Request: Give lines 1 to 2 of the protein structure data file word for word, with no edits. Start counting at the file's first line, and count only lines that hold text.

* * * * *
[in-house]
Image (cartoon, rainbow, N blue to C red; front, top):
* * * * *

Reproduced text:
[in-house]
Image (cartoon, rainbow, N blue to C red; front, top):